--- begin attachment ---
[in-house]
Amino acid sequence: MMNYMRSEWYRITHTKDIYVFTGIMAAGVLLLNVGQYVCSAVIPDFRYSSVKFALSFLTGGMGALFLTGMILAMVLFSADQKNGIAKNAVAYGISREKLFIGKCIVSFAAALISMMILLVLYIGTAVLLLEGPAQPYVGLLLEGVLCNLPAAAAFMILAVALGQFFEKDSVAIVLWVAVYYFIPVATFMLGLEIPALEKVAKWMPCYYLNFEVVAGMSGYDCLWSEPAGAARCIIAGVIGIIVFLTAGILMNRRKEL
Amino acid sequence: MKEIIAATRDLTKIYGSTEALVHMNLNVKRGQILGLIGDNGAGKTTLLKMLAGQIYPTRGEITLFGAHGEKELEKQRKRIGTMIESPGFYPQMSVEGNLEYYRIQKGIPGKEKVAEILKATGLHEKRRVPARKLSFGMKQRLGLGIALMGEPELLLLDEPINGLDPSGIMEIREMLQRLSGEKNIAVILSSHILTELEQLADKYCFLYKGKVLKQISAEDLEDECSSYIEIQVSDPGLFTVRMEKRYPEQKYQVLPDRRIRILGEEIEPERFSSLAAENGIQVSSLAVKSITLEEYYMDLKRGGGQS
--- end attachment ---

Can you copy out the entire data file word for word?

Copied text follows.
[in-house]
Amino acid sequence: MMNYMRSEWYRITHTKDIYVFTGIMAAGVLLLNVGQYVCSAVIPDFRYSSVKFALSFLTGGMGALFLTGMILAMVLFSADQKNGIAKNAVAYGISREKLFIGKCIVSFAAALISMMILLVLYIGTAVLLLEGPAQPYVGLLLEGVLCNLPAAAAFMILAVALGQFFEKDSVAIVLWVAVYYFIPVATFMLGLEIPALEKVAKWMPCYYLNFEVVAGMSGYDCLWSEPAGAARCIIAGVIGIIVFLTAGILMNRRKEL
Amino acid sequence: MKEIIAATRDLTKIYGSTEALVHMNLNVKRGQILGLIGDNGAGKTTLLKMLAGQIYPTRGEITLFGAHGEKELEKQRKRIGTMIESPGFYPQMSVEGNLEYYRIQKGIPGKEKVAEILKATGLHEKRRVPARKLSFGMKQRLGLGIALMGEPELLLLDEPINGLDPSGIMEIREMLQRLSGEKNIAVILSSHILTELEQLADKYCFLYKGKVLKQISAEDLEDECSSYIEIQVSDPGLFTVRMEKRYPEQKYQVLPDRRIRILGEEIEPERFSSLAAENGIQVSSLAVKSITLEEYYMDLKRGGGQS